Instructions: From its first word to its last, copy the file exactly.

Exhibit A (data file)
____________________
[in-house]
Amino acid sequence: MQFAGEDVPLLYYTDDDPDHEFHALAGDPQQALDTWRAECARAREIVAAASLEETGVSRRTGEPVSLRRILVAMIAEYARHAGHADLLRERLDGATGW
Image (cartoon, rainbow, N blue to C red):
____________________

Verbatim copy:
[in-house]
Amino acid sequence: MQFAGEDVPLLYYTDDDPDHEFHALAGDPQQALDTWRAECARAREIVAAASLEETGVSRRTGEPVSLRRILVAMIAEYARHAGHADLLRERLDGATGW
Image (cartoon, rainbow, N blue to C red):